Savannah visitors talk tourism at a meeting in the National Opera House in Wexford
Tourism representatives jetted in from Savannah last week to discuss how they can join forces with Wexford to boost their tourism numbers.
At a meeting in the National Opera House, Chair of the Council's Economic SPC Cllr Michael Sheehan welcomed the guests to the county and said that he hoped they can work together to bring tourists into both regions.
'We want to encourage people to go to the Southeast, irrespective of who wins the election,' he said.
Howard Keely of Georgia Southern University brought the idea of "WexSav" to the table - a new website detailing the historic links between the two places that will soon go live.
'Using this site, we can take people to Wexford while they are in Savannah. We would like to get it here so that it serves both communities,' he said.
Mr Keely underlined the benefits that strengthening links could have for both places.
'Wexford owns Savannah in a unique way and no other Southern city can claim Irishness like Savannah,' he said, 'And Savannah's Irishness is big-time Wexford. As Savannah is a fast-growing region, it could be an amazing footprint for Wexford in the US.'
Taking the audience back in time, he then spoke about how the links between Savannah and Wexford were first formed. The story began in the 1850s, when Wexford natives set sail on ships from Wexford and New Ross to the US. These journey's brought many influential people from Wexford to Savannah, including Fr Peter Whelan from Clongeen and the Kehoe family from Monamolin.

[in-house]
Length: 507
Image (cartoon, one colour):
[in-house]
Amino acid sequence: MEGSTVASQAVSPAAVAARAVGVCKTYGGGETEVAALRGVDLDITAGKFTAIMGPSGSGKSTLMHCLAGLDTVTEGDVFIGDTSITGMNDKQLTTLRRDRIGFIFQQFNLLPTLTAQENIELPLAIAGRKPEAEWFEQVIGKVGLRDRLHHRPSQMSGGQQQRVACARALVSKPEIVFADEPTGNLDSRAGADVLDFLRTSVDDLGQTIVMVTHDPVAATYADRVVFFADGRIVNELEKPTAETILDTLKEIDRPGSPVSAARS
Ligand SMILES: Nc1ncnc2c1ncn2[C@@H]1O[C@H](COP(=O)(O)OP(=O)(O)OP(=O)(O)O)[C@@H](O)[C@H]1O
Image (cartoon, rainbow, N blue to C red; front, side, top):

'Wexford people are still welcome in Savannah, more so now than ever,' said Mr Keely.
President of Visit Savannah Joseph Marinelli reiterated this remark in a presentation encouraging people to make a trip to the city. He said that the things that entice those from Savannah to Ireland are much the same as those that bring the Irish people to Savannah.
'Irish culture, the St Patrick's Day Parade, genealogy, golf, Irish pubs and Irish hospitality are what brings American's here and it's virtually the same for the Irish coming to Savannah,' he said.
Mr Marinelli also acknowledged what Ireland's sunny southeast had offered him since he arrived 27 hours previously.
'I have been here for 27 hours and it still hasn't rained,' he joked. 'I'm not convinced it rains here. I think it's just a myth to try to keep the place all to yourselves.'
Marinelli and Keely were joined by London representative of Visit Savannah Jo Pianni and Hilton Head Chamber President Bill Miles, who also made a speech. Their visit marked the beginning of a week of events between themselves and Wexford representatives from across the board. The programme included a Civic Reception in the Heritage Park and a visit to Enniscorthy Castle, where ideas regarding tourism were also discussed.